During the 19th century the British had a primarily geostrategic objective to control the Cape sea route. For this they did not need collaborators as they were the world’s leading naval power. However, they needed collaborators to help them pacify the conflicts that had been generated by the migration of Boer farmers into the interior of SA. They also needed partners to help them defeat the indigenous communities that were resisting encroachment by settlers onto their lands.

To achieve these objectives the British devised a divide and rule strategy whereby they enticed certain African clans to ally with them in return for land and cattle captured from the resisting communities. These new British allies were allowed to buy captured land and own it privately. They were also introduced to Western agricultural technologies by missionaries and by the British colonial administration itself.

From this group emerged a prosperous peasantry in the 19th century as well as a class of Christian intelligentsia. This group fought on the side of the British army against the native peoples and in return obtained voting rights under the 1853 Cape constitution.

With the discovery of minerals in the interior of SA in the 1870s and 1880s the British changed their priorities from developing a prosperous African peasantry and a well-off African middle class. They wanted labour in the mines instead. The new allies gradually had obstacles put in the way of their further development. This led to the emergence of African nationalism. This repressed group came back centre stage after winning the 1994 elections.

To establish the huge SA mining industry the British first dispossessed the Afrikaner elite that had established two independent republics in the interior of the diamond fields that were incorporated into the Cape Colony. Later the two independent Boer republics were crushed so the British could gain better control of gold deposits by the beginning of the 20th century.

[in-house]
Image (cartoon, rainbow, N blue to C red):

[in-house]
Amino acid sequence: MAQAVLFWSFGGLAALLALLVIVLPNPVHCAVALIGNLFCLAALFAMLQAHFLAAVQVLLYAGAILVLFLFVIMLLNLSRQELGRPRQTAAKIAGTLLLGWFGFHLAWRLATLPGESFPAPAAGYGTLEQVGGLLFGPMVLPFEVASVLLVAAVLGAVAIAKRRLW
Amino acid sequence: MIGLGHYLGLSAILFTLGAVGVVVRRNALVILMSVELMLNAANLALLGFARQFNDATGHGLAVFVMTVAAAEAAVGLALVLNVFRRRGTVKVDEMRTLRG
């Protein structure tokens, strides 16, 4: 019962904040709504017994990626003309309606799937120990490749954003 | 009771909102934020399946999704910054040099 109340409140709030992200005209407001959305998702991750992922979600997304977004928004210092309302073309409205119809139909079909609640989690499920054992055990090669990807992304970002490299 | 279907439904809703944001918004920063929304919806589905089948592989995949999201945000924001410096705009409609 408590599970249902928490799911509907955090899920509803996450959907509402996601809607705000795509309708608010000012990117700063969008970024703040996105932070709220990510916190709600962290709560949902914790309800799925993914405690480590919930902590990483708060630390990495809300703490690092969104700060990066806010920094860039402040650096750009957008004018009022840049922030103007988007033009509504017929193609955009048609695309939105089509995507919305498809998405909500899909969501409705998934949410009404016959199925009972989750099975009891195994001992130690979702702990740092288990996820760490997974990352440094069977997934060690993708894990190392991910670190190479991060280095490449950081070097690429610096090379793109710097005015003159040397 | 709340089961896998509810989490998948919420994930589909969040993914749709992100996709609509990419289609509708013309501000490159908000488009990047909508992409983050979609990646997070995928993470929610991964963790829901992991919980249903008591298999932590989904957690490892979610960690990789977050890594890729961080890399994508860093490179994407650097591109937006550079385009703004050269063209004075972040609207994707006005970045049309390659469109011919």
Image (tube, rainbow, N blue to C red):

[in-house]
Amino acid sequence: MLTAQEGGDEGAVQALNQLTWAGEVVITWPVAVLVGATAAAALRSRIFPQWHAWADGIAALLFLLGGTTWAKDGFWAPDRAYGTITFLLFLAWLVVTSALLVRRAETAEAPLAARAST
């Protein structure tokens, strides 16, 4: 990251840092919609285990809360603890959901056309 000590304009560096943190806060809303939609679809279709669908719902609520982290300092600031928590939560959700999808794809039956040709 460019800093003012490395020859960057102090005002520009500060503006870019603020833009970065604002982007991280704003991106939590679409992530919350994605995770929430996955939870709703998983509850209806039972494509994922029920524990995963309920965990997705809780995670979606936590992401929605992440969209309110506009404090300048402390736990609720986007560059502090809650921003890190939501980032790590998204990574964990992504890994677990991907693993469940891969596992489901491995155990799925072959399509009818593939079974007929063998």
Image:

This gave the British the opportunity to reorganise the SA economy into an exporter of minerals and agricultural products to the UK, which it still is today. To achieve this objective the British enlisted a class of Afrikaner collaborators, predominantly Afrikaner nationalists, who managed the country between 1910 and 1994.

In his seminal work on the economic history of SA, A History of Inequality in South Africa; 1652—2002, the late Stellenbosch economist Sampie Terreblanche wrote: “SA’s history over the past 350 years is an unsavoury tale of intergroup conflicts, violence, warfare and plunder. Each of the different ethnic, racial and/or language groups tried to enrich itself by plundering others.”

After centuries of slavery, colonialism, apartheid and democracy SA has emerged as the most unequal country in the world, with the highest unemployment in the world. The economic heritage of an exporter of minerals and agricultural products left behind by the Dutch and the British remains intact.

SA today is a partially industrialised country that faces deindustrialisation. The mismanagement of its public finances threatens to pull the country over the fiscal cliff.

• Mbeki is deputy chair of the SA Institute of International Affairs, an independent think tank based at Wits University.